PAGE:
Seen from the front. Notice the shape of the row of windows that are narrow.
Not the sort of sign you expect to see when entering a torture chamber.
This is the floor where prisoners were kept.
Someone left flowers in one room.
This seemed to be more an art piece than an actual board game.
This washroom had everything.
This was the room where Bak Jong-chul was kept, interrogated, and tortured to death in 1987.
Looking out a back window over the train tracks, seeing flags fluttering in the wind.
A signboard in another part of the structure showed a scene from the 1988 Olympics, held ironically in another building by Kim Swoo-geun.
Hardh behavior during investigation.
This is the wall of human rights.
Here's a student carrying a portrait of Bak Jong-cheol six days after his death.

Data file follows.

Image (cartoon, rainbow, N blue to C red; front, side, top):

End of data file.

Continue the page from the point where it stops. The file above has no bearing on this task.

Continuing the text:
A newspaper page I'm assuming is about his death.
More of a collage, I think related to the Gwangju Massacre.
Ryan heads upstairs on this narrow spiral staircase.
According to this, the spiral staircase was for prisoners to go all the way up to the floor where they were imprisoned.
We peeked behind a curtain as part of the impending remodeling, and saw these two cop mascots. Guessing these things weren't torturing student activists. That would be a little more horrifying.
A furnace out back.
Inside a building behind the furnace, with a not that old calendar on teh wall.
Looks bleak, but as far as I know it was unrelated to the prisoners.
Weird fake bear cop traffic pylons.
On the grounds within the compound we found some prostitute calling cards.
The main gate, with the office where we signed in.
Oour goal was to dig up newspapers from the Pak Jong-cheol death.
First acknowledgement was six days after his death.
A closer look at the sketch of the room where he was kept.
Please remember that these photos are all copyrighted to me. If you want to use them in any way, there's a 90 per cent chance I'll give you my permission, and be able to give you a copy with a higher DPI.Copyright Daehanmindecline 2018